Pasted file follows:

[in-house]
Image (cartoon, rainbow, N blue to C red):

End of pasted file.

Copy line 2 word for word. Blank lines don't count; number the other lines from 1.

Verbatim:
Image (cartoon, rainbow, N blue to C red):